Preservation of Documents


Preservation of Original Documents

Particularly if the matter could result in litigation (court or tribunal proceedings, or an application to the Land Registry which may or may not end up being referred to a tribunal) you should take care to preserve all relevant original documents. For most stages of litigation, only copies of documents are required, but the original paper documents would normally need to be brought to the trial in case a party, or the judge, wishes to look not just at the copy, which will be in the trial bundle if it is relevant, but also at the original. Also, at the Disclosure of Documents stage of litigation other parties are normally given the right, on reasonable notice, to come and inspect original paper documents.

Legal deeds, such as trust deeds, and conveyances where land is unregistered, are, for good reason, often stored for safe keeping with a bank or with a firm of solicitors. If you have relevant documents in safe storage, it is usually best not to remove them from safe storage for copying but to arrange for copies of them to be made whilst they remain in situ. The bank or solicitors’ firm should be able to give you a list of the documents and you could then ask them to make copies and send them to you as PDFs. However it is often better to make a visit so that you can examine the documents yourself and then decide which are relevant and need to be copied.


Preservation of Electronic Documents

Documents on a computer, tablet, digital camera, mobile phone, email server, cloud storage etc. are known as “electronic documents” and the same applies to them as to paper documents - i.e. you need to keep the originals. Don't discard the devices - phones, tablets, etc. - which contain photos and other documents. If a device fails, or you replace it for some reason, keep the old device safe. If the authenticity of any electronic document is disputed then the other side might ask the court/tribunal to direct that the actual device on which the document was originally created (e.g. the phone on which a photo was taken) is given to a neutral electronics expert to investigate (which can be done even if the device is broken as the storage components in it may still contain data which can be retrieved with specialist equipment). In practice it is actually quite rare for the authenticity of a document to be disputed: parties may, for example, dispute what a photo shows but to actually dispute that a digital photo is a genuine photo taken on the date it purports to be is rare. But in case there should be a dispute make sure you keep all devices until the end of litigation.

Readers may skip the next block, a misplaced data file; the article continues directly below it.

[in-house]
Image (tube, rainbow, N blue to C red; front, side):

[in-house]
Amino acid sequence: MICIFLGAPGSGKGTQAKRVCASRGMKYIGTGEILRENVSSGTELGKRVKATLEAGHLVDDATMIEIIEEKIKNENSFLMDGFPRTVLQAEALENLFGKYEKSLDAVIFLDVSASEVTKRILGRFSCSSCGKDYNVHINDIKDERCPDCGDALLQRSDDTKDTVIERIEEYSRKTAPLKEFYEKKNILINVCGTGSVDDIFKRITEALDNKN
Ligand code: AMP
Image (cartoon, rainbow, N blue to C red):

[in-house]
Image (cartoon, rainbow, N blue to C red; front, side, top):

It is also important to make sure that original electronic documents are not accidentally deleted. If you are a private individual check that your email system is not set up to automatically delete old emails. If it is, turn that option off. Turning off automatic deletion of old emails might mean that you have to increase your email storage size, but any additional charge for that would probably be minimal. That might not be practical if you are a large organisation and in that case other measures will be necessary to ensure data is preserved.

In addition you should save all emails which appear to be relevant as EML or MSG files on your computer. How to do this is explained here. 

You should be making regular backups of all your data in any event as a precaution against device failure and accidental deletion and such backups will have the added benefit of preserving a copy of all original electronic documents, in their native form, as a further precaution in case anything is accidentally deleted.

The counsel of perfection is to take regular backup copies of the data on all your devices, including phones, but many people just backup their main Windows computer or, at least, are more consistent in backing up their main computer. So I would recommend that whatever else you do, you immediately upload the relevant photos and (and videos and any relevant audio files) from your devices to your computer, take a screenshot of all the text messages you have exchanged with each correspondent by opening the message display on your phone, taking a screenshot, pressing the scroll capture button to scroll through, and capturing the entire message display in a single JPG, and loading the JPG to your computer, as a precaution in case your phone is lost or broken. Whatever copying system you use make sure that metadata is not lost. You will be taking photos of (or scanning) relevant historical cardboard photos as JPGs and these JPGs should also be uploaded to your Windows computer for safe-keeping.